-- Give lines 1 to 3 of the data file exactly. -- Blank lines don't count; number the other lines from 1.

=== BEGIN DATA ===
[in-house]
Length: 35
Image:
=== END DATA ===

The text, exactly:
[in-house]
Length: 35
Image: